The National Security Agency program allowing a blanket monitoring of phone records is "fairly creepy," former vice-presidential candidate Paul Ryan says.
"To do a blanket dragnet nationwide, that seems to go way beyond the scope of the law that I'm familiar with called the Patriot Act," the Wisconsin Republican congressman told Racine-based WRJN-AM radio
Ryan said he understands that the Foreign Intelligence Surveillance Court needs powers to go after suspected terrorists and the people they are communicating with, but revelations that all records are swept up seems to go too far.
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"There's so much to learn yet. The many questions have to focus on civil liberty," Ryan told the radio station.
"You always favor Americans' civil liberties," Ryan said. "The point is, is this necessary? Is this legal? Does this comport with the spirit of the law? Those are the kind of questions we have to ask.
"A blanket data mining project like this not only gets into the creepy phase of your mind, but also leads your mind to think, 'What other civil liberties could be compromised with this kind of a project?'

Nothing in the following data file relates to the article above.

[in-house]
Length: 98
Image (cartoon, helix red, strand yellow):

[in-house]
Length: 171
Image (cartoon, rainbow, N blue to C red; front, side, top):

"I want to see more containment of this thing and I want to learn a lot more about it," Ryan said.
Fellow Wisconsin Republican and Patriot Act author Rep. Jim Sensenbrenner expressed similar sentiments
on Thursday in a letter he wrote to Attorney General Eric Holder after saying in a statement that "seizing phone records of millions of innocent people is excessive and un-American."
"These reports are deeply concerning and raise questions about whether our constitutional rights are secure," Sensenbrenner wrote. "How could the phone records of so many innocent Americans be relevant to an authorized investigation as required by the Act?"
However, several of Ryan's Republican colleagues have taken a different tone. Republican Sen. Lindsey Graham of South Carolina said on Fox News that he was "glad the NSA is trying to find out what terrorists are up to, overseas and inside the country."
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"I don't mind Verizon turning over records to the government if the government is going to make sure that they try to match up a known terrorist phone with somebody in the United States," the South Carolina Republican said.
He described Republicans
who didn't agree with the NSA collection of phone records as a "marginal national security group within our party."
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